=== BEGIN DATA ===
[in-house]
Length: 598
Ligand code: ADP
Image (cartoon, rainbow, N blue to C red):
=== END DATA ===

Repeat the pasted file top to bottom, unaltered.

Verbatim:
[in-house]
Length: 598
Ligand code: ADP
Image (cartoon, rainbow, N blue to C red):